Now let's discuss profit margins and operating expenses. Non-GAAP gross profit margin, which excludes amortization of purchased intangible assets, was 62.5% in the reported quarter, compared to 58.2% in the quarter last year, due primarily to favorable product mix. Gross margin continues to benefit from contributions from new and recently launched generic products in the U.S., solid gross margins of the U.S. generic-based business, and the contribution to sales of our innovative and branded franchises. Gross margins also benefitted from our continued efforts to improve efficiencies.

Please note that this quarter's high gross margin is an exception to our long-term gross margin range of 57% to 60%. Non-GAAP operating margin reached 33.9%, up 5.8% from 28.1% in Q3 2009, mainly contributing to the exceptional operating margins where high gross margin and the termination of payments we made to sanofi-aventis over the past two years of 25% of Copaxone in-market sales in the U.S. and Canada.

Net R&D expenses were up 22% compared to Q3 2009, reaching a record of $239 million or 5.6% of sales. Gross R&D before reimbursement from third parties for certain R&D expenses and R&D investment in our partnership with Kowa and Lonza was $248 million, or close to 6% of our sales.

The growth in net R&D over the comparable quarter last year is attributed to both our branded and generic R&D activities. The increase in the branded R&D expenditure reflects progress mainly in the [inaudible] related activities as well as biosimilars and respiratory products. We now expect that for the full year net R&D expenses will be approximately 6% of our net sales.

Selling and marketing expenses, including amortization of purchased intangible assets, totaled $742 million this quarter, or 17.5% of sales compared with 18.6% in Q3 2009. As already mentioned, the decline in selling and marketing expenses as a percentage of sales resulted primarily from the termination of payments to sanofi-aventis, which were recorded as sales and marketing expenses. They were partially offset by higher royalty payments in connection with new and recently launched generic products in the U.S.

Total G&A expenses this quarter were $236 million, or 5.5% of sales, compared with 6% of sales in Q3 last year. The synergies from the Barr acquisition and tight expense control continue to contribute to the decline in G&A expenses as a percentage of sales.

We recorded $48 million of net financial expenses on a non-GAAP basis in Q3, compared with $52 million of non-GAAP financial expenses in the comparable quarter of 2009. The lower financial expenses resulted from lower interest rates on our outstanding debt, offset by higher levels of debt in the reported quarter following the acquisition of Ratiopharm. You should note that we excluded from our non-GAAP financial expenses in the quarter a gain of $45 million realized in connection with hedging the Ratiopharm acquisition.

Tax expense provided for the third quarter was $207 million on pre-tax non-GAAP income of $1.4 billion. Our current estimate of the non-GAAP annual rate for tax for 2010 in the whole is 15% compared to 16% for all of 2009. The estimated tax rate for 2010 on a GAAP basis is 12%.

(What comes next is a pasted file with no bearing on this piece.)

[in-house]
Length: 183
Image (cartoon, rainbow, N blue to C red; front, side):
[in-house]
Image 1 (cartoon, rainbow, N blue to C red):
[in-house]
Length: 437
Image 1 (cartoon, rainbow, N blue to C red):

Now let's have a look at our cash flow. Cash generated from operations this quarter totaled $1.2 billion, up 16% compared to Q3 2009. Our free cash flow, excluding gross capital expenditures of $175 million, and cash dividends of $167 million, partially offset by profits from the sale of certain assets of $14 million amounted to a total of $866 million, or 23% above Q3 2009. The increased cash flow was driven by strong sales and collections in the quarter.

On September 30, cash and marketable securities totaled $1.2 billion, down approximately $4 billion from June 30 as we used more of the cash on hand to pay for Ratiopharm. Our total outstanding loans, bonds, and convertible [inaudible] stood at $7.1 billion, only slightly up from $7 billion as of the end of June. Our debt remains essentially unchanged as we incurred additional debt in connection with the acquisition of Ratiopharm, while we paid off the debt incurred with the acquisition of Barr completely, as well as other bank debt. The debt incurred in connection with our acquisition of Barr is now fully paid.

Our financial leverage as of September 30, 2010 was just under 25%, down from 27% at June 30. DSO, days sales outstanding, amounted to an exceptional 42 days this quarter as the result of very strong out of quarter collections, compared to 50 days in the previous quarter. We calculated the DSO after netting out from the receivables our sales reserve and allowances, and we always do this.

Inventory days accrued at 178 days compared with 172 days in the previous quarter, or 195 days in Q3 2009. Net capital expenditures reached $161 million this quarter, compared to $90 million in Q2 2010. To remind you, in Q2 2010 net cap ex included proceeds of $46 million from sale of certain assets, versus $14 million, which are included in the prior quarter.

And now for dividends. Yesterday Teva's board approved a quarterly net dividend amounting to approximately $173 million. On a per-share basis our dividend, which is declared in the Israeli shekel, is 0.7 shekel per share. [Based] on yesterday's [inaudible] exchange of the shekel to the U.S. dollar, this translates into approximately $0.193 per share.